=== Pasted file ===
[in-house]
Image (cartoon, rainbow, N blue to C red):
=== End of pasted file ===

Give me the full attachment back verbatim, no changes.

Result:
[in-house]
Image (cartoon, rainbow, N blue to C red):